University students from poor families form a large part of the fast-food chains’ workforce. These youth and their parents rely on the low pay from ‘McJobs’ to help ease the cost of a college education, which has rocketed after years of ‘market reforms’ in the education sector. The average yearly cost – tuition fees plus other charges – of a place at a public university is 10,000 Yuan (1,300 US dollars). This is almost the equivalent of a year’s disposable income in the most developed parts of China, as China Daily (17 May, 2007) points out. At this rate, a McDonald’s worker must work 38 hours a week, all 52 weeks of the year, in order just to pay their university fees. Of course that would be impossible, and many students from poor families finance their education by taking out loans, saddling them with hefty debts at the start of their working life.

"Many part-time workers in McDonald’s and KFC, who are working as many hours as full-time employees, can only get paid as part-time workers without any benefits or social security subsidy," complained a female university student and McDonald’s employee to New Express (28 March, 2007).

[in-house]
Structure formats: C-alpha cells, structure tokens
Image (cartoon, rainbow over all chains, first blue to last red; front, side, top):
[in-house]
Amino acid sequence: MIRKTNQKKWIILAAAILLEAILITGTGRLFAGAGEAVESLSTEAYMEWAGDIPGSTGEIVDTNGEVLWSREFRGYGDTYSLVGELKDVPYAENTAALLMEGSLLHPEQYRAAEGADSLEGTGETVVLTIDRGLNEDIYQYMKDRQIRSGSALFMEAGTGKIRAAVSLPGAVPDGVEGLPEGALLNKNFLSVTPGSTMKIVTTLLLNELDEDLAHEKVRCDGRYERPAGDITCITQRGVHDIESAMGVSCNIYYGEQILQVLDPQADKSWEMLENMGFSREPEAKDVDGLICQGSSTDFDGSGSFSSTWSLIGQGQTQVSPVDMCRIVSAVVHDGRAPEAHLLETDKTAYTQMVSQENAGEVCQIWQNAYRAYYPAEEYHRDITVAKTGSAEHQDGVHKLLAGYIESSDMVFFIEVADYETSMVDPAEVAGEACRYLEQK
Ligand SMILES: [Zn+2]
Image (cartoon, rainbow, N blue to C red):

"I have worked in this KFC outlet for over a year, but still haven’t got a work contract with the restaurant," says grade-four university student Wu Juan, quoted in Beijing Review (3 May, 2007). "But I dare not ask for the work contract that I am entitled to since I cannot afford to lose this job."

Government intervenes?

The March report in New Express attracted government attention at the provincial level in Guangdong. The province’s Labour and Social Security Department launched an investigation. On April 10, the department published its investigation results, which confirmed that the fast-food restaurants had violated China’s labour code in several areas, but failed to find them guilty of violating the minimum wage.

This incident speaks volumes about what is happening in China today, where the organs of the ’communist’ government in nine cases out of ten, if not more, support the capitalists against the workers. Only when subjected to huge pressure and the threat of destabilising protests, do the authorities intervene to compel management to offer concessions, or obey the law.

Defending his company’s actions, Cui Huanming, the marketing director of the Guangdong branch of Yum! Brands Inc., claimed: "The university students we have hired are neither full-time employees nor part-time employees. They are a special group of employees." (Beijing Review, 3 May 2007).

The use of such legalistic sleight of hand, by unscrupulous bosses is unfortunately a very common practice in China.